Django Unchained, the latest offering from celebrated auteur Quentin Tarantino was sure to incite controversy. Like all of Tarantino's films, Django is what one might call a built environment. The world constructed in the film is one drawn from the filmmaker's expansive imagination and his encyclopedic knowledge of pop genres like Spaghetti Westerns and Blaxploitation. Set below the Mason-Dixon line in the years immediately prior to the start of the Civil War, employing elements of both the western and the slave narrative, this unique construction is one Tarantino calls a "Southern." At issue of course is the central role that the "peculiar institution" otherwise known as slavery plays in the film.
Slavery is that thing that America would rather forget. For all those who love to talk about American Exceptionalism, slavery punches a gaping hole in this self-serving thesis. The horrors of slavery and the reality that this nation was built upon the backs of those enslaved has created a situation riff with explosive possibilities. Some cringe at the inconvenient mention of slavery, while others recoil at the deafening silence surrounding its articulation. Steven Spielberg and Oprah Winfrey have both made movies about slavery. Neither Amistad (1997) nor Beloved (1998) were very successful though, in spite of the uber popularity of both of the figures behind these respective films. In other words, if Spielberg and Oprah can't sell slavery chances are it can't be sold.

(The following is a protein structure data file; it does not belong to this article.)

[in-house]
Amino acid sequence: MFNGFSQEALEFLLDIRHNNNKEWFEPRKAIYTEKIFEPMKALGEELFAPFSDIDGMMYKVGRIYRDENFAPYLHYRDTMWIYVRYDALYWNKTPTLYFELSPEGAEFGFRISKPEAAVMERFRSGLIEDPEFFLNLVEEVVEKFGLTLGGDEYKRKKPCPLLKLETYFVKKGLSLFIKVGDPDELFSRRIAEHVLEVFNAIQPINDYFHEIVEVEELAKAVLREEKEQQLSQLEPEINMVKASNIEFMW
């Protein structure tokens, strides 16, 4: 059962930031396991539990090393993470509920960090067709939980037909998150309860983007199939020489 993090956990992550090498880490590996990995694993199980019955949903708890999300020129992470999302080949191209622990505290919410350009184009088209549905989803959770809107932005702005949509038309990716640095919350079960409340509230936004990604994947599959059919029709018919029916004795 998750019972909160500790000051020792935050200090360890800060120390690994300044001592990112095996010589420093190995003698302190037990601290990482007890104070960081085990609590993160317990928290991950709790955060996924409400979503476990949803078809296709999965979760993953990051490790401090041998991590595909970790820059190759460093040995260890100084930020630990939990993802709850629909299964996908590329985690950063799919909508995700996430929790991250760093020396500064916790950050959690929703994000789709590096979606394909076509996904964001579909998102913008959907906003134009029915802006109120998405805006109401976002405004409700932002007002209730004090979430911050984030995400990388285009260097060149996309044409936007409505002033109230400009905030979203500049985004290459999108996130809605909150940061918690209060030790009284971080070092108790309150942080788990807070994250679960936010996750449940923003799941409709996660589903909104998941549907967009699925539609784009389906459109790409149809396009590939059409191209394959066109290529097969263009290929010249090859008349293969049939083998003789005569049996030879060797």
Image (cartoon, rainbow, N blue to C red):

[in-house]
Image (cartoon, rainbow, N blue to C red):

The problem with well-meaning representations like those seen in Amistad and Beloved is the earnest, self-righteous tone, a tone dripping with morally indignant sentimentality at every conceivable turn. While Roots may serve as the blueprint for representations of slavery in American popular culture, Tarantino rejects this model, instead drawing inspiration from another 70s cultural form, Blaxploitation, referencing a film like The Legend of Nigger Charley (1972)
both of which predated Roots by a few years. One could even argue that the popularity of Blaxploitation films in the theaters during the early 70s helped create a climate for the eventual airing of the more mainstream Roots mini-series on television in 1977. As groundbreaking a cultural moment as Roots was, it had more to do with black suffering than it did black empowerment.
In Mandingo, Ken Norton's character Meade, the film's resident Mandingo, dies in a pot of boiling water, while the plantation's Uncle Tom character, Agamemnon, surprisingly shoots his beloved Master Hammond Maxwell in response. Though the film allows for the cathartic killing of Master Hammond at the hands of one of his slaves, Meade dies, while Uncle Tom lives. In the years since Mandingo, America has seen the rise of a newly empowered class of real life characters whose resemblance to the old Uncle Tom archetype makes it difficult to discern whether one is looking at a fictional character or the real thing? The fabled Uncle Ruckus from the Boondooks series is fictional, though one need not look far to find real life versions of the same thing scattered amongst us. Recognizing this, Django realizes that for the film to be relevant in contemporary society, Uncle Tom deserves a fate similar to that of his Master in order for good to truly triumph over evil. Thus it is fitting that Django saves his last act of retribution for Samuel L. Jackson's vile "house nigger" character Stephen, who after being shot in both knees, dies a horrific death as the Master's mansion explodes with him in it, thanks to Django setting off a dynamite blast.